For low-Earth orbit missions, Dula said the RRVs and space stations could each be worth about $35 million per year in advertising revenue alone, according to studies paid for by Excalibur Almaz. He also confidently said of his Futron report, “There is a market for commercial dedicated unmanned scientific research missions. One of our capsules may well be dedicated to such missions.” He priced this service at $225 million and added that a manned scientific research mission would cost $495 million.
Dula is not the first to offer commercial unmanned spacecraft science missions. SpaceX is planning its DragonLab service, the first of which the company’s website launch manifest states will occur in 2014. SpaceX’s DragonLab fact sheet does not list any prices. For these missions, Excalibur Almaz would use a new module, which is being developed with the help of EADS Astrium. On its website, Excalibur Almaz describes a service module, which is used for storing consumables and acts as a habitation area, and a cargo module that can deliver up to 22,000 pounds of cargo.
For crew transport to low-Earth orbit, Dula said that NASA was distorting the market by paying $63 million per seat, but that his company is still part of NASA’s Commercial Crew Development (CCDev) program with a nonfunded space act agreement. Dula said Excalibur Almaz had achieved all of its CCDev milestones on time and on budget so far.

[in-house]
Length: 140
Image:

Because of the international nature of its work, with Excalibur Almaz based on the British-dependent territory of the Isle of Man, located between Britain and Ireland, using Soviet technology, and European and potentially U.S. expertise, the company has sought the necessary approvals. “We have the state department license required to work with American, European, Russian contractors to refurbish these systems,” Dula said. “And we have the export licenses from the Russian Federation.”
The Isle of Man-headquartered company is subject to the U.K.’s Outer Space Treaty law. The U.K. Space Agency does not have any manned spaceflight rules but has talked about developing them because of suborbital spaceline Virgin Galactic. Virgin Galactic, owned by Sir Richard Branson’s Virgin group, is a U.K. company. Despite its U.S. arm, Virgin Galactic LLC, which conducts the suborbital flights, Branson’s firm is still expected to obtain U.K. launch licenses. Of one thing Dula is certain, “If you don’t have an escape system, you will never get a license from the British space agency.”
Image courtesy of Excalibur Almaz
This article originally published at Space.com
Read more: http://mashable.com/2012/07/02/space-tourist-trips-to-moon/